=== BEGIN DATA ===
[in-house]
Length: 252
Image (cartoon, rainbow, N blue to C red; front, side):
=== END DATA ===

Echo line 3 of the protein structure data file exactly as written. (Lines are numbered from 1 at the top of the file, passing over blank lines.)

Image (cartoon, rainbow, N blue to C red; front, side):